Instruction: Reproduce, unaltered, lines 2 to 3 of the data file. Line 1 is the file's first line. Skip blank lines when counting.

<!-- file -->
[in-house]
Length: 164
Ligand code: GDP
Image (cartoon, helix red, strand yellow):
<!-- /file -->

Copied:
Length: 164
Ligand code: GDP